Continuing to tinker with the OpenSSL problems I’ve been having. Have a chunk of software whose building requires the older version of OpenSSL to be installed. But I want the newest OpenSSL dev package on my machine. We’re not going to get along.
I discovered I could selectively static link some of the libraries into the program. This was completely mind blowing feature to me. I started using the GCC linker way way back and was quite disconcerted by the -lfoo syntax which would find libfoo.a for linking.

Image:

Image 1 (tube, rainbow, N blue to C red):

In trying to force this software to build against a local copy of the older OpenSSL, I found problems with the final program trying to find the OpenSSL dynamic libraries. LD_LIBRARY_PATH would allow me to aim the software at my local lib but I was hoping there would be something simpler (that didn’t require setting that env var every time). Could I static link the executable? It’s been a while since I tried to static link a Linux app.
Quick google and found an even better answer:
In the Makefile, I simply had to use -l:filename to link directly to a specific static library. With the -L flag, I could aim at a specific library location.
LDFLAGS += -lffi -lutil -lz -lm -lpthread -l:libssl.a -l:libcrypto.a -lrt -ldl
I had no idea this was possible with the linker. I’ve been using the GNU compilers for so many years and had no idea this was possible.